Thoughts

Why Gen-Y is in Crisis

Generation Y or the Gen-Y refers to the generation of people born during the 1980s and early 1990s -> And that’s me included!

While many always perceive that Gen-Y kids are rebellious, Gen-Y employees are hard to manage; we as Gen-Y think that we are proud to be the trouble-causing Gen-Y!

And now, we are in deep trouble, no doubt.

Firstly, we are no where more experienced or superior than the baby boomers nor the Gen-X. Either they manage us or they fund us in our start-ups. We are still learning from and leaning on them.

Then, here comes the Gen-Z, those born during late 1990s and early 2010s. They are literally born with iPads and stuff – they are called the digital natives. Technology industry booms with them, including the spectacles industry I presume. They are growing up faster than we thought. The Gen-X feed them and educate them well, too well.

They are better looking (or is it the camera that is getting better?), they are smarter, they act faster, and they are more competitive than us, the Gen-Y. They are probably seen as the “strawberry generation 草莓族 ” but, prickly. They possess a new set of challenge for us. Don’t you ever wonder why the Gen-Z girls are getting taller and better in shape? All of their selfies are prettier and almost flawless? Most of them get a Gen-Y boyfriend?! Even their babies are born ahead of ours! I’m not complaining but hey, did anyone else notice that?

The point is, if the Gen-Y still live in their arrogance shade, thinking that this is their era, soon they are going to be thrown out by the Gen-Z. This is no longer an era about linear hierarchy or generation superiority.

 

Gosh, I’m going to sleep first and worry tomorrow. Gen-Y.

Fast Deal – How Customer Services Affect That

So, another free advertisement post from a satisfied customer.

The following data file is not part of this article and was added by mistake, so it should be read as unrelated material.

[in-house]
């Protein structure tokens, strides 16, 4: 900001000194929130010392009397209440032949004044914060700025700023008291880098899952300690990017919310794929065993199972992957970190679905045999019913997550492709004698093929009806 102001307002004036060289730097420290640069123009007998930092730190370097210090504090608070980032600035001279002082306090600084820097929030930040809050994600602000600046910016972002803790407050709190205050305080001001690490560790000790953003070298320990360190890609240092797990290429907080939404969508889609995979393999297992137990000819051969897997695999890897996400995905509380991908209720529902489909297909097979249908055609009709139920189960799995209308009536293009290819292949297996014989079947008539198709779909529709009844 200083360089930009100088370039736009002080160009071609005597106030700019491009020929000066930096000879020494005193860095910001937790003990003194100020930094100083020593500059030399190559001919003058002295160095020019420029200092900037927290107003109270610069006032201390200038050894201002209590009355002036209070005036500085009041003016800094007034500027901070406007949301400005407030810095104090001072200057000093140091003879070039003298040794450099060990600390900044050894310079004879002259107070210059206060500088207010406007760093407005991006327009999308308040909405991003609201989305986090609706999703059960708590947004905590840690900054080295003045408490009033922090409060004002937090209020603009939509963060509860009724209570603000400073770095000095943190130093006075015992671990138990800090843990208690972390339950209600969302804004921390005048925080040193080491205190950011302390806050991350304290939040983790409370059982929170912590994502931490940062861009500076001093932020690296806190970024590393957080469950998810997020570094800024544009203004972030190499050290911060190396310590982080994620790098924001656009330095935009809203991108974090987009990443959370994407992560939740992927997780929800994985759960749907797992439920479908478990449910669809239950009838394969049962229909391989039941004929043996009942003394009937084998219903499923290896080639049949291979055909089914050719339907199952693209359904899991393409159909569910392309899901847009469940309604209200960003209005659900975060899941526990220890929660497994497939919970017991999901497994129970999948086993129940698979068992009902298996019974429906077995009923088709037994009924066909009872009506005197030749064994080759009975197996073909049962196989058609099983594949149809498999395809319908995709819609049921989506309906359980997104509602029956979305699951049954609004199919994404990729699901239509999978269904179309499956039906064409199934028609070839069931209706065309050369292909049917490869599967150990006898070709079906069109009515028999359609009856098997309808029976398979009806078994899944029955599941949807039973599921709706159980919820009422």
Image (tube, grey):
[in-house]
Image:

Last Sunday, my friend and I were rushing for a movie called “Blackhat” (*Shriek* OMG LEE HOM!). It was 11.30am when we reached Vivocity, finding our way to GV – 11.45pm, dropping by a few fashion outlets – 12pm, found GV – 12.10pm, deciding which movie to watch (hesitate between Blackhat and Theory of Everything, no way. Lee Hom – first priority) – 12.20pm, bought our tickets – 12.25pm. Next, deciding what’s for lunch.

Well, it was a quick agreement that we were going for Sushi Tei but looked at the queue, we were not going to make it for Blackhat! So we turned back and strolled around a few restaurants. We stopped by a Thai restaurant which I didn’t bother to look at the restaurant name. There was no queue – great! It was 12.35pm.

The first question that we asked the receptionist was, “how long must we wait to be served our food? We want to catch a movie at 1.15pm”. The girl said they could try to expedite the dishes for us but was uncertain whether they could meet our time frame. But seeing this pair of “hesitating customers”, her manager came forward swiftly to assist her. He assured us that they could serve us food as soon as possible although it depends on which dishes we order. He also quickly make a few suggestions of dishes that could be served fast. Pineapple rice was on the suggestion list so we agreed.